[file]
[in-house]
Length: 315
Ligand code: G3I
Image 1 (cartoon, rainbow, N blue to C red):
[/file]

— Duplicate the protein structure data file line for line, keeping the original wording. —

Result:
[in-house]
Length: 315
Ligand code: G3I
Image 1 (cartoon, rainbow, N blue to C red):